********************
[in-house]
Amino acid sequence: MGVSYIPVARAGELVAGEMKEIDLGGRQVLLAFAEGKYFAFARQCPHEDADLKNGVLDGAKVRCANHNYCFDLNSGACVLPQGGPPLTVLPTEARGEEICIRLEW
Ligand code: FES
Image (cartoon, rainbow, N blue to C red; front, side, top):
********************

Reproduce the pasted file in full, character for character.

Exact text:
[in-house]
Amino acid sequence: MGVSYIPVARAGELVAGEMKEIDLGGRQVLLAFAEGKYFAFARQCPHEDADLKNGVLDGAKVRCANHNYCFDLNSGACVLPQGGPPLTVLPTEARGEEICIRLEW
Ligand code: FES
Image (cartoon, rainbow, N blue to C red; front, side, top):